Hóc Môn District
|Hoc Mon District|
Huyện Hóc Môn
Position in HCMC's metropolitan area
|Centrally governed city||Ho Chi Minh City|
|Town, communes||1 thị trấn, 11 xã|
|• Total||109 km2 (42 sq mi)|
|• Density||3,300/km2 (8,500/sq mi)|
|• Main ethnic groups||predominantly Kinh|
|Time zone||UTC+07 (ICT)|
Hóc Môn District now consists of the town of Hóc Môn (thị trấn Hóc Môn) and 11 communes (xã):
- Bà Điểm
- Đông Thạnh
- Nhị Bình
- Tân Hiệp
- Tân Thới Nhì
- Tân Xuân
- Thới Tam Thôn
- Trung Chánh
- Xuân Thới Đông
- Xuân Thới Sơn
- Xuân Thới Thượng
Between 1698 and 1731, some people from the northern and central regions of Vietnam moved to Hóc Môn to escape the constant warfare between the Nguyễn and the Trịnh. At that time, this area was still undeveloped land, with wild animals including tigers roaming free. Because a great deal of taro grew in the swampy areas there, the new settlers called this place "Hóc Môn", meaning "the corner/alley with taro.". In 1885 a revolt broke out at the Eighteen Betel Nut Gardens (vi:18 thôn vườn trầu).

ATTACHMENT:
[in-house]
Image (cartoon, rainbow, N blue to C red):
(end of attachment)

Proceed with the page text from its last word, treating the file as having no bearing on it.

The Giồng T-road junction (ngã ba Giồng) at Hóc Môn is a road intersection where many anticolonial prisoners were executed by French firing squads, including Phan Đăng Lưu, Hà Huy Tập, and Nguyễn Thị Minh Khai, Võ Văn Tần and Nguyễn Văn Cừ on 28 August 1941.
In April 1997, seven communes split to create district 12: Thạnh Lộc, An Phú Đông, Tân Thới Hiệp, Đông Hưng Thuận, Tân Thới Nhất, a piece of Tân Chánh Hiệp and a piece of Trung Mỹ Tây.
- "HCMC's Population and population density in 2010 by district". HCMC Office of Statistics. Retrieved Feb 4, 2014.
- Erik Harms Saigon's Edge: On the Margins of Ho Chi Minh City - Page 29 "... intersection, where many anticolonial figures perished, including, most famously, the trio of Nguyễn thị Minh Khai, Võ Văn Tần, and Nguyễn Văn Cừ, who were put before the firing squads there on August 28, 1941. ... And nowadays the historic memorial to revolutionary martyrs executed at the “Giồng” triple intersection is threatened by"
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